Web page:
Wednesday, February 17, 2010

Price Fixing Claims Against Urethane Producers Take Shape

This posting was written by Darius Sturmer, Editor of CCH Trade Regulation Reporter.

In multidistrict litigation consisting of numerous putative class action lawsuits alleging a conspiracy among urethane chemical producers to fix prices of polyether polyol products, 56 opt-out plaintiffs sufficiently alleged a federal antitrust claim based on charges of conspiratorial conduct prior to 1999, the federal district court in Kansas City, Kansas, has ruled.

The court declined, however, to exercise supplemental jurisdiction over claims that were brought by European plaintiffs under European law and barred claims against two individual executives under the statute of limitations. The defendants’ motions to dismiss the claims were, therefore, granted in part and denied in part.


The complaining purchasers corrected the pleading deficiencies that led to dismissal of their claims of a conspiracy existing prior to 1999 (2009-2 TRADE CASES ¶76,754), the court decided. In support of these pre-1999 conspiracy allegations, the plaintiffs’ second amended complaints included allegations of meetings and communications, involving specific participants and locations, in furtherance of the alleged conspiracy.

Rejected was an argument that the plaintiffs failed to plead sufficient non-conclusory facts to state a plausible claim for the pre-1999 period because they did not allege the particular dates, participants, products discussed, markets discussed, agreements reached, and actions taken for each meeting or communication alleged for that time period, or the specific way in which all of the meetings and communications were connected. Requiring such allegations would impose an overly strict pleading standard, the court said.

Statute of Limitations

The court refused to dismiss the pre-1999 claims as time-barred on the ground that the complaining purchasers had failed to sufficiently allege affirmative acts of fraudulent concealment for that time period. The plaintiffs could rely on their allegations of false and pretextual announcements and letters by the defendants during that time period—such as a statement that prices were being increased because of rising costs—as acts of fraudulent concealment. They did not have to plead with particularity why the alleged misrepresentations were actually false, such as by alleging facts showing that costs were not in fact rising. Nevertheless, the plaintiffs did so plead by claiming that the price increases actually resulted from the alleged price fixing conspiracy instead of from rising costs.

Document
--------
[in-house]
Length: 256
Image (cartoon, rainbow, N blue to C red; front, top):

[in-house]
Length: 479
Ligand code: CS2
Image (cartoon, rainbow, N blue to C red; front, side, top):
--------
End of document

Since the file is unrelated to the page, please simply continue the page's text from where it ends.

The plaintiffs’ allegations of secret meetings, communications, and agreements to conceal the conspiracy also sufficed as affirmative acts of concealment, the court said. Claims against two individuals—who were executives for one of the chemical producing companies—were time-barred, however, because fraudulent concealment of the alleged conspiracy could not toll the limitations period sufficiently to render the claims timely, the court found.

The statute of limitations, as it related to the individual defendants, began to run, at the latest, when the plaintiffs admittedly discovered the existence of a claim against the individuals’ employer—November 23, 2004, the date upon which the first polyether polyols class action had been filed. This was approximately four years and four months before the individuals were first made parties to the suit.

The court rejected the plaintiffs’ argument that their claims should have been tolled for more than three more years because they did not discover that they had claims against the individuals until December 2007. Once the plaintiffs discovered in November 2004 that the employer was a member of the alleged conspiracy, their exercise of due diligence should have led them to investigate and discover the identity of additional individual defendants who acted on behalf of the employer, the court explained.

Four years was ample time to conduct that inquiry. As the plaintiffs themselves conceded, they actually did discover that they had claims against the individuals well within that window, the court noted. The plaintiffs offered no explanation for their subsequent failure to add those individuals as defendants to the suit at that time or within the year that followed.

European Law Claims

Finally, the court chose not to exercise supplemental jurisdiction over claims brought by 26 European plaintiffs under European law. Litigation of the claims would raise novel and complex issues of European law, such as the issue of cross-jurisdictional tolling from the filing of a class action complaint and the issue of the effect of some nations’ joining the European Union (EU) only after the defendants’ price fixing conduct, the court said.

The court added that while it could determine any question of European law to the best of its ability, it would do so without the benefit of review by and instruction from the European Court of Justice and the European Commission. Given the state of European antitrust law, such law would be more ably interpreted and applied in Europe, in the court's view.

In addition, resolution of the European law claims in the United States would undermine principles of international comity. Dismissal of the claims would also have been appropriate under the doctrine of forum non conveniens, the court concluded.

The decision is In re: Urethane Antitrust Litigation, 2010-1 Trade Cases ¶76,903.

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